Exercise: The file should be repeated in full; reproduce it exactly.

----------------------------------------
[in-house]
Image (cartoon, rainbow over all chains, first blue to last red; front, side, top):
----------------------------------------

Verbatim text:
[in-house]
Image (cartoon, rainbow over all chains, first blue to last red; front, side, top):